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What You Need to Know About Buying Your First House

04/07/2021

By: Craig Ventzke, Grand Forks Region Mortgage Lender

What You Need to Know About Buying Your First House

Buying your first home and don’t know where to begin? Our Grand Forks Mortgage Loan Officer, Craig Ventzke sits down with Katie Nehl, Communications Manager at FCCU to answer some common questions about buying a home and gives tips on what you can expect.

You can also listen to the full version of this sit-down, via our podcast, ‘Let’s CU Succeed’.  

Katie: What’s the benefit of buying a house versus renting? 

Craig: When you buy a house and own a house, you are building equity, so you have that tangible asset that’s helping you build wealth as far as your personal wealth and well being. When you’re renting, you’re just kind of throwing that money out the window in some cases and helping someone else become wealthy because you’re paying them to live in their property. I get a lot of phone calls and emails from people that are looking at buying their first home that are tired of renting and want to own their own property. That’s really the big benefit is that you are building your own wealth.

K: If I go the route of knowing that I want to for sure by a home, what’s the first step?

C: Your first step should be to come talk to a mortgage lender, whether that’s me or another mortgage lender at FCCU, because you need to get a prequalification. If you want to start looking at homes, get a realtor and get a real estate agent involved, that’ll be one of the first things they ask you, whether or not you’re prequalified. So the easy way to do that is to fill out an application. We have an online application on our website. Or you can set up an application with one of our other loan officers, or even call in and we can take the application over the phone.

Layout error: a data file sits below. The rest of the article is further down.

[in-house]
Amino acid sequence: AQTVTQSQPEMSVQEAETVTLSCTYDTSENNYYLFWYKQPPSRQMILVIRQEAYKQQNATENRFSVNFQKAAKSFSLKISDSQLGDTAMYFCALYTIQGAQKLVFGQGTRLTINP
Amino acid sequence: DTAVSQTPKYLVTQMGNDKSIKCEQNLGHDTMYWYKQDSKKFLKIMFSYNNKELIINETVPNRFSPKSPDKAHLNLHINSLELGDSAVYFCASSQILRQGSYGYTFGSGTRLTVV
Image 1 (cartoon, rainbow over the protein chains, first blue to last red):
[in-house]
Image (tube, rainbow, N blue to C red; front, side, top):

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K: What documents do I need to have for buying my first house?

C: The documents you’ll need are your basic financial documents such as pay stubs from your employer for the past month, W2s and tax returns from the past few years, any other financial statements such as a 401K or IRA. These are all helpful or can be needed during the process.

K: What programs are available to me as a first-time home buyer and payment options?

C: At FCCU, we have several different options that are beneficial for first-time homebuyers. We do a lot of USDA or rural development home loans. The benefit of that program is you can get into the house with 0% down. We also offer many conventional home buyer programs, where you can get into the house with 3% down. Another first-time home buyer program is FHA. The down payment for that program is 3.5%. We also have access to North Dakota Housing Finance Agency that actually will help potential buyers that may need assistance with down payments and home buying closing costs.  You might not necessarily qualify for every option, so that’s why it’s important to come in and see what option you may be eligible for.

K: What about getting pre-qualified? What does it mean and why is it important?

C: Getting pre-qualified is when we look at your credit, review your income and compare that with what you already have for a debt profile, meaning what other loans do you have out there, credit card payments, student loans, etc. We look at that whole picture and determine if we can qualify you for one of the programs we offer. Then we look at what can we qualify you for, meaning if we do a loan for $200,000, are you qualified to make that payment based off of your debt profile. The reason that’s important is because a person need to know what they can get into as far as when they are looking at homes. If they go looking at homes blind and throw an offer out there, but they aren’t even pre-qualified for that amount or not even pre-qualified at all, they are potentially wasting the time of the real estate agents, the individuals that are selling the house and simply their own time because they can’t buy it. Getting pre-qualified is just an important step to know how much you can spend or be approved for on a loan.